Thursday, October 15, 2009

All That We Say Is Ours: A Review

Full version here.

. . .Whether it was [Ian] Gill’s intention or not, All That We Say Is Ours helpfully undermines the simplistic and familiar version of these events, set within the thematic conventions of colonialism and resistance, with First Nations taking a stand against the dominant Euro-Canadian culture, and indigenous patriots rising up against the oppressive Canadian settler-state. Gill goes along with all that, but he also reveals a more important story of collaboration and cooperation among and between the Haida and their non-native allies. Indeed, it is a story in which the Haida came late to play the leading role, on their own islands.

By the 1970s, the B.C. government and the forest industry were intent upon the complete liquidation of the towering old-growth forests for which the Haida archipelago was so famous. By 1985, in news footage broadcast around the world, 72 people—most noticeably little old Haida women in button blankets—were arrested at a dramatic logging-road blockade on Lyell Island that lasted several weeks. It was a pivotal event in a thorough transformation of the way most Canadians see aboriginal people and the forests around them.

Now, almost half the Haida homeland is protected in one way or another. There’s Gwaii Haanas National Park Reserve in the South Moresby region, Naikoon Provincial Park, the Duu Guusd Tribal Park (which the B.C. government prefers to call the Duu Guusd “designated area”), and so on.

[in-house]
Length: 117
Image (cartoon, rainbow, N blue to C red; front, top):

It’s true that little of this would have been possible had the Haida not forced the legal issue of their unrelinquished rights and title (they’re still waiting for their main land-title case to be adjudicated). But it’s also true that there would be no title at stake had the Crown concluded a treaty with the Haida in the first place, and it is no accident that it was the tribal leaders of Southern Vancouver Island who happened to sign the only treaties west of the Rocky Mountains. Those agreements secured to them the protection of British guns against slave-taking Haida marauders.

That isn’t a story you will read in All That We Say Is Ours, but it isn’t necessary. To get at the origins of the struggle that has occupied Guujaaw’s life, you need go no further back in space and time than the polyglot community of flute-players, artists, draft dodgers and mushroom pickers who had settled down in the pothead shacks of Delkatla Slough back in the early 1970s. . .

1 Comments:

Blogger james mcguire said...

hi terry glavin, well written article, however, youve been duped! regards james mcguire

5:38 AM  

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